• Pitching your speaker to advocate the use of metaphor
You are encouraged to bring with you an existing speech or script that lacks metaphor or uses it only briefly for a “metaphor makeover” exercise, to learn how metaphor can enhance the speechwriting you’re already doing.

By taking this workshop, you’ll gain an expanded array of metaphors to consider or avoid for future speeches, and a stronger sense of when and how to deploy metaphor in speeches. Participants will get a curated list of books and resources to build their metaphor bookshelf for future reference.

You'll get the best discount if you register by August 1. Please note that it is possible to attend only the pre-conference workshop, the conference itself, or both. Register and find out more here. I hope you'll join me for this hands-on workshop at my favorite conference.

Friday, June 03, 2016

The weekend read

At the end of a long week, communicators, I'll just remind that the grill marks are supposed to be on the steaks, and not on you. Happy Friday: Time to check out my finds of the week, shared via @dontgetcaught on Twitter and curated here, like juicy hamburgers on the grill, for you:
(Creative Commons licensed photo by Chris Makarsky)

Join me in Edinburgh, Scotland, on October 20 for a new workshop, Add Meaning with Metaphor: Improve your Speeches with the Most Powerful Figure of Speech. It's a pre-conference workshop at the Edinburgh Speechwriters and Business Communicators Conference, designed to help both speakers and speechwriters use this powerful tool. You can register here for just the workshop, the conference, or both, and you'll get the best discount if you sign up by August 1.

Wednesday, June 01, 2016

Tell It Better: Why you should "plant the seed" for a storytelling payoff

I'm a longtime fan of The West Wing, the Aaron Sorkin television series about the White House, and not just because it began while I served in the Clinton Administration, capturing so much of our daily work. The reason I go back to it again and again is for the sheer power of the storytelling, and a recent interview about one powerful episode lets me share a vital skill for storytellers of all kinds.

In "In Excelsis Deo," episode 10 of the series's first season, actor Richard Schiff's character, Toby Ziegler, gets involved in the burial of a homeless vet after Ziegler's business card is discovered in a coat worn by the homeless man. There's a story-within-the story about the President's secretary, Mrs. Landingham, played by Kathryn Joosten. In an exchange with the President's aide, she reveals that she's reminded at the holidays of her twin sons, who served and were killed in the Vietnam war.

On The West Wing Weekly, a new podcast hosted by West Wing actor Josh Malina and Hrishikesh Hirway of Song Exploder, actor Schiff recalled in an interview that that moment had been foreshadowed a couple of episodes earlier, when President Bartlett remarks to two staffers that she'd had sons who were killed in the war. (The podcast goes episode by episode from the beginning of the show, a real fan's delight.)

He used it as an illustration of a two-step in storytelling that can make your stories more powerful: 1) Plant a seed early on, and 2) Come back to it later for the payoff. It's a great way to give your story the impact it may be lacking. Instead of just telling the story from top to bottom, in one go, you're in effect dropping a clue or two early in your talk, article, video, or post, then circling back to underscore why it is meaningful, for a payoff that works for both storyteller and audience. Here's how Schiff describes the technique:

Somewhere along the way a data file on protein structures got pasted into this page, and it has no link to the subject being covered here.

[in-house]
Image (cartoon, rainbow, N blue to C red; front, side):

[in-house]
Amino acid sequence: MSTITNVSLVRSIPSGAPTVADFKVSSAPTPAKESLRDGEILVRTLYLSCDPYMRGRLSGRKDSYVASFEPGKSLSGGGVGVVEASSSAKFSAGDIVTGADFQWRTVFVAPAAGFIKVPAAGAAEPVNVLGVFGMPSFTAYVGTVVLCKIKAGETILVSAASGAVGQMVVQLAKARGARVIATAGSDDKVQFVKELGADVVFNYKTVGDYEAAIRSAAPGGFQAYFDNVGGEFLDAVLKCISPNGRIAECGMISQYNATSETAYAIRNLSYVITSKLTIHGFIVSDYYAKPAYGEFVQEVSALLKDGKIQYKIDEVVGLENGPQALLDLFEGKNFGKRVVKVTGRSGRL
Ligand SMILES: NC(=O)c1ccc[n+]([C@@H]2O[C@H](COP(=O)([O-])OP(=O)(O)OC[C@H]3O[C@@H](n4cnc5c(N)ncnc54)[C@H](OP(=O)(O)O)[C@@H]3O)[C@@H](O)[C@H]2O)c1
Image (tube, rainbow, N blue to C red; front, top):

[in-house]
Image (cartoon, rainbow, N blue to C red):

The great writers and the great storytellers earn every moment. If you do not plant the seeds, then the reveal isn’t impactful. All you’ve got to do is look at Breaking Bad and they plant seeds three years before the payoff. Someone said the other day, “That was like a five year movie--an ongoing novel.” And Aaron does the same thing. He does not just go for, “Oh, it would be cool if she lost her two kids.” He plants it, and then it pays off. 
This may take some work if you are trying to shift from a standard informational approach to your presentations, speeches, articles, and other storytelling devices. Planting a seed and waiting for the payoff--and planning where it comes--is exactly the opposite approach. Your viewer or listener or reader may not realize (and probably should not realize) when a seed has been planted in your story...at least, not until the payoff. That realization is part of the payoff, and a critical way to engage your audience.

Take a look at the payoff in this instance. What was a passing reference a couple of episodes ago, when the seed was planted, suddenly becomes a vivid and moving story in the context of the holiday on which this episode focused. Can you use this tactic in your next storytelling efforts?



(The West Wing photo)

Join me in Edinburgh, Scotland, on October 20 for a new workshop, Add Meaning with Metaphor: Improve your Speeches with the Most Powerful Figure of Speech. It's a pre-conference workshop at the Edinburgh Speechwriters and Business Communicators Conference, designed to help both speakers and speechwriters use this powerful tool. You can register here for just the workshop, the conference, or both, and you'll get the best discount if you sign up by August 1.